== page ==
The progressive advocacy group March on Harrisburg claim they are disrupting the status quo in the Pennsylvania Capitol, with their protests erupting not only on the streets but also at private events, combined with a flashy social media presence designed to grab headlines. But its leaders are engaging in increasingly public confrontations with sitting legislators, and several have criminal histories that are seldom included for context in media accounts.
Randall Hayes is one of the leaders who was at a confrontational protest at a fundraiser at a Harrisburg restaurant on Jan. 31st. Hayes has identified himself as a chapter leader of March on Harrisburg, even though last week’s protest was billed as belonging to “Action on Climate,” which appears to be closely linked to March on Harrisburg. Other prominent organizations allied with the March include the progressive group Common Cause PA and Pennsylvania’s League of Women Voters.
Hayes is seen in video footage leading last week’s protest and speaking to the media at the Rubicon restaurant, less than one block east of the state Capitol building.
Hayes was arrested in 2010 after admitting to “downloading images of child pornography on his computer during a one-month time period in February-March 2010,” according to an FBI press release. The release also notes Hayes was sentenced to 66 months of prison and “15 years of supervised release following his prison sentence,” a sentence that was scheduled to last until 2025.
Hayes, who worked with children at the time of his arrest, also attempted to induce “other males to mail him girl’s underwear,” according to a forensic examination of a laptop seized from his home. He registered with the state’s sex offender registry in 2014, according to the Megan’s Law registry website.
Also seen on the video is Michael Bagdes-Canning, who identified himself to the Pennsylvania Capital-Star. Badges-Canning is more frequently affiliated or seen with Pennsylvania Action on Climate.
Bagdes-Canning was once arrested for trapping several persons in a revolving door at the Duquesne Club in Pittsburgh in 2016. According to media reports, persons trapped in the door were not freed until police intervened and arrested Bagdes-Canning.
Bagdes-Canning is a former president and vice president of the Grove City teachers union, the local affiliate of the Pennsylvania State Education Association, the state’s largest and most powerful teachers’ union. He also was the Green Party candidate for lieutenant governor in 2022, receiving 23,279 votes statewide.
Neither Hayes nor Bagdes-Canning returned a request for comment. Rabbi Michael Pollack, identified as the executive director of MoH and listed in state documents as the official lobbyist for the group in 2023, also did not return an email request for comment. Pollack has frequently led rallies in the Harrisburg Capitol.
The Harrisburg fundraiser from a week ago drew controversy when Sen. Mike Regan, R-York put his hands on Bagdes-Canning in an effort to gain entry to the restaurant to which Bagdes-Canning was blocking the entrance.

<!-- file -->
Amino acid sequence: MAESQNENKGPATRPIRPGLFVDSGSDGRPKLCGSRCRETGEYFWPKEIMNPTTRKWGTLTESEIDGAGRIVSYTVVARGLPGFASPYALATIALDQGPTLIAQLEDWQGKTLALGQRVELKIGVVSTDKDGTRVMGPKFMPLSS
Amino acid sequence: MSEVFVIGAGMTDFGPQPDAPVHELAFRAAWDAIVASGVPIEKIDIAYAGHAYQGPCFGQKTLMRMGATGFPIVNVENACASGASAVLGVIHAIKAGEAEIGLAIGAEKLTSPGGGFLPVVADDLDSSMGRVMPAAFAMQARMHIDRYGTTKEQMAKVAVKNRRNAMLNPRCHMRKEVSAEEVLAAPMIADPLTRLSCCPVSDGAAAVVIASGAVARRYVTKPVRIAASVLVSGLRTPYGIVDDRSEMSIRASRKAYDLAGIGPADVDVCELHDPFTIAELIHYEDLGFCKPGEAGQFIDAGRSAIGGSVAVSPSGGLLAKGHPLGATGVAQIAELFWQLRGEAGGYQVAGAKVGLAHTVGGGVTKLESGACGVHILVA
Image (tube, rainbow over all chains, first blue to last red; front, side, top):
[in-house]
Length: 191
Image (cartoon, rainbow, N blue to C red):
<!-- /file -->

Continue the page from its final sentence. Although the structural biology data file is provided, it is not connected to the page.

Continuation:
Bagdes-Canning was also arrested at the Capitol last summer for “occupying” a state senator’s office in protest, according to March on Harrisburg’s website. He and other protesters were acquitted, according to the group’s Instagram feed.
Hayes has tweeted on numerous occasions supporting a relaxing of the state’s sex offender registry laws.
“People with sex offenses are people, too. The vast majority who have paid their debt to society and are getting back on their feet do not go on to re-offend,” he tweeted in Sept., 2021. “We all deserve a 2nd chance, even those who have seriously hurt people.”
Hayes has also written numerous published letters to the Penn Capital-Star, identifying himself with the March on Harrisburg.
According to its website, “MarchOnHarrisburg works to end corruption and move Pennsylvania from the fifth most corrupt state in the USA into one of the least corrupt by passing a wave of democracy bills to end excessive money in politics, end gerrymandering, and secure and expand the right to vote.”
(Note: The group’s website uses two stylistic forms of its name, ‘March on Harrisburg’ and ‘MarchonHarrisburg.’)
The group has oftentimes been more notable for the way it protests as opposed to the message it’s trying to get across.
A year ago, the group interrupted a luncheon of the Pennsylvania Press Club when then-House Majority Leader Kerry Benninghoff (R-Centre County) was the featured speaker.
In November, Pennsylvania Action on Climate blocked a roadway in State College on the weekend of the final home game of the Penn State football season.
“A small group of protestors brought a big amount of State College traffic to a standstill in the hours before the final Penn State Nittany Lions home football game Saturday,” a local television station reported.
“State College Police were called in and for about five minutes they let the protest happen before the protestors were convinced to get off the street,” the report noted.
Todd Shepherd is Broad + Liberty’s chief investigative reporter. Send him tips at firstname.lastname@example.org, or use his encrypted email at email@example.com. @shepherdreports